At the Consortium Physiotherapy Clinic Hull we see regularly see a large volume of patients complaining of back pain, neck pain, shoulder problems and knee issues.
Published in the British Journal of Sports medicine this year was a systematic review (source) of 44 best clinical practice guidelines. They highlighted huge gaps between what the growing body of research and evidence says we should do and what is actually provided in many clinics.
11 recommended key points
1. Care should always focus around YOU the patient
2. Your clinician should always screen you and try to rule out serious and sinister conditions
3. You should also be assessed for a variety of cognitive, social, lifestyle and emotional factors that are likely to influence your care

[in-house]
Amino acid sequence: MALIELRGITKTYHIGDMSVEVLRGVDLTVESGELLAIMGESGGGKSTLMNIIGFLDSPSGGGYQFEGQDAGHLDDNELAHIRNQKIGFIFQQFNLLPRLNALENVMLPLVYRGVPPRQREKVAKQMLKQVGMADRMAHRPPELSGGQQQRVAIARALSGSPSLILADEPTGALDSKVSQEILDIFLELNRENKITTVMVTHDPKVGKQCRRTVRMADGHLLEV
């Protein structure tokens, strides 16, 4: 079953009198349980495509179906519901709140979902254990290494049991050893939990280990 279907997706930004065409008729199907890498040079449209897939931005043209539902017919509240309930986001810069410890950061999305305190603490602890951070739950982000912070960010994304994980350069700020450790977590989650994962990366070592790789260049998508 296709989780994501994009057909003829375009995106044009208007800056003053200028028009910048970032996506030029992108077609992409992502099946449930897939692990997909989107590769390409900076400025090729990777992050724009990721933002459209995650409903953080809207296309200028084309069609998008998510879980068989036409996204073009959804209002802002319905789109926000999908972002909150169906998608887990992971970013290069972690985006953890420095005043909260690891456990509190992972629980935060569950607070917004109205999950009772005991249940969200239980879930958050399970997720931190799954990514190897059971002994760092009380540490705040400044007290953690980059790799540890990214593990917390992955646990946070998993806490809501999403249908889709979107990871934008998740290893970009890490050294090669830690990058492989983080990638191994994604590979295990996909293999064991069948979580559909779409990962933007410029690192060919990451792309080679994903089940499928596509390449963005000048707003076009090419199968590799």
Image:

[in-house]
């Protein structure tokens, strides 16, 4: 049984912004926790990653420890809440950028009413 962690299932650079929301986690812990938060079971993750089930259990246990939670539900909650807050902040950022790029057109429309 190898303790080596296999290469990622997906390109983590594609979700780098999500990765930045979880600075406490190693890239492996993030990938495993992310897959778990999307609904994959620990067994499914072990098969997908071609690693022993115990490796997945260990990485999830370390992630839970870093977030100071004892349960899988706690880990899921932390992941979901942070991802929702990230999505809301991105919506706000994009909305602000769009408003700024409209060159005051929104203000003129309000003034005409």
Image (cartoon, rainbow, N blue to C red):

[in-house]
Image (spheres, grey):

4. Imaging should not be routinely used unless you are suspecting serious pathology, have failed treatment and/or your symptoms are progressing and are hard to explain
5. You should be physically examined which may include neurological screening tests, functional tasks, flexibility and/or muscle strength
6. Your progress should be measured using tools called outcome measures which are often questionnaires that assess your musculoskeletal health
7. Education about your condition and the options open to you to help manage it is essential
8. Participation in physical activity and/or exercise should form a key part of your management plan
9. Passive treatments where you are mobilised, massaged or manipulated should only be used alongside other evidence-based treatments, this type of treatment should not make up the majority of your care
10. You should always be offered evidence based conservative management before being referred for a surgical opinion or considering surgery
11. Where possible we should help your either continue to work or assist you in getting you back to work